Some businesses may have already received a call from All American Calendars asking for donations regarding a calendar for the Hardeman County Sheriff’s Office. THIS IS NOT A SCAM! This company is working with us to create a calendar for the upcoming year and also to help us raise money for our DARE program. We would like to personally thank all of you for your generous donations in support of our Drug Education, Drug Awareness, and Drug Prevention Calendar Project this year.
A press conference was held today at the Criminal Justice Center in Hardeman County. The U.S. Attorney of the Western District of the State of Tennessee Michael Dunavant, along with Special Agent in Charge of the FBI-Memphis Division M. A. Myers, 25th Judicial District Attorney General Mark Davidson, Special Agent in Charge TBI-West Tennessee John Simmons,, Sheriff John Doolen, along with others renew their commitment to solving the 21 year old murder of Michael Bell. There is still a $24,000 reward for any information leading to the arrest of the subject responsible. U.S. Attorney Dunavant announced new technology used by the FBI has allowed investigators to move closer to solving this case.
The Hardeman County Sheriff’s Office is now conducting training for local churches. Captain Brian Vandiver put together a training program which includes active shooter training, along with other safety issues that churches may face. We encourage churches to be proactive and begin preparing for such events instead of being reactive. If you would like more information or to schedule training for your church, please contact Captain Brian Vandiver at (731) 228-3004 or firstname.lastname@example.org.
The Tennessee Bureau of Investigation, FBI and the 25th District Attorney General Mike Dunavant announced the reward Thursday March 23, 2017 in the unsolved 1998 murder of Michael Bell, according to a TBI release.
Bell was a clerk at the McKee’s Stateline Convenience Store at the time of his murder on July 23, 1998. The store is located on Highway 125 S between Middleton, TN, and Walnut, MS.
An unknown individual shot and killed Bell, then left the store in a 1990s General Motors sedan and drove toward Walnut, MS.
The robbery does not appear to have been the motive of the shooting, according to the release. They say Bell instead was the target of a coordinated murder.
The FBI has joined in the investigation, and the partnership has resulted in new leads in the case, according to the release.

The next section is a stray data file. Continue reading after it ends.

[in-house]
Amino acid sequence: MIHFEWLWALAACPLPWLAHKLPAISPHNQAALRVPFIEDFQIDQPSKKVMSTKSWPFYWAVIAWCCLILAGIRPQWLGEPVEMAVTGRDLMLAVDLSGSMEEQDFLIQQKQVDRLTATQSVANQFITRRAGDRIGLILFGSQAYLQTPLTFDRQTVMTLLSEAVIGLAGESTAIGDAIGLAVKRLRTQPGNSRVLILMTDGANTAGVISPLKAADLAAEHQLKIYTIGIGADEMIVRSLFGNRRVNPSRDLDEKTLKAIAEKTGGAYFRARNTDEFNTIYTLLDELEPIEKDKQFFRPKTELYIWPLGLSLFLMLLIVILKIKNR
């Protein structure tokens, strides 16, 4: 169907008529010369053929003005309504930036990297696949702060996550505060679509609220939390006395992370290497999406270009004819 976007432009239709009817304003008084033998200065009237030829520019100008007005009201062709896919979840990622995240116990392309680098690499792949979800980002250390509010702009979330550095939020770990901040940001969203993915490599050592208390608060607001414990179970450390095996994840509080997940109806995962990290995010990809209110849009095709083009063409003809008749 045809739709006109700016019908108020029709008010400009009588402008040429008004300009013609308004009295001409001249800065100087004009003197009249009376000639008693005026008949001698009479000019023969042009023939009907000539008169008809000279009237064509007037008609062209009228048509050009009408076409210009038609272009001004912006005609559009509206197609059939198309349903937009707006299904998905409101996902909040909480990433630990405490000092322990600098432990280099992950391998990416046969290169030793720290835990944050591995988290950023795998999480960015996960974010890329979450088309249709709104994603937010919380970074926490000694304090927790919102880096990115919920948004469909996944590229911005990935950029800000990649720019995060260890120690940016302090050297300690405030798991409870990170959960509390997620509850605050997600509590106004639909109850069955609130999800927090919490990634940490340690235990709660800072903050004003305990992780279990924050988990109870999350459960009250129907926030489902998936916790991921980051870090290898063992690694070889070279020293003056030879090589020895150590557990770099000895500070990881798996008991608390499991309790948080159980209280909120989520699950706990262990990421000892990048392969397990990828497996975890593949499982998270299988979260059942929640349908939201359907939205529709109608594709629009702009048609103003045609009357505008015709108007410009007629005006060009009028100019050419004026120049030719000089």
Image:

Investigators believe there are people in the community who have information that can help solve the crime.
The reward is for information that directly assists law enforcement in the arrest and conviction of the person or persons responsible for Bell’s death.
Anyone who has information is urged to call 1-800-TBI-FIND.
On March 21, 2017 dispatchers and law enforcement officers from all across the state gathered at the TIES (Tennessee Information Enforcement System) Conference in Pigeon Forge, TN. During this conference, people were recognized for their outstanding service. Captain Dana Knight was among the recognized and received the award for TAC (Terminal Agency Coordinator) Of The Year. Only one TAC Of The Year is chosen each year for the entire state for an outstanding job. Captain Knight was chosen because of her hard work and dedication to serving the citizens of Hardeman County. She has spent countless hours assisting local law enforcement agencies and TBI during investigations of vehicle and identity thefts along with a recent double homicide. Congratulations Dana Knight!
“In God We Trust” was adopted as the official motto of the United States in 1956. “In God we trust” first appeared on U.S. coins in 1864 and has appeared on paper currency since 1957. In August 2015, Sheriff Doolen decided to add the motto to the Hardeman County Sheriff’s Office patrol cars. This logo came at no cost to the county thanks to Southern Designs of Bolivar who donated the decals. The motto is being placed on patrol cars all across the nation. “With everything going on in the world right now, God is the only thing we can trust,” Sheriff Doolen said. Doolen said the phrase does not specify which God it is referring to and does not infringe on anyone’s rights.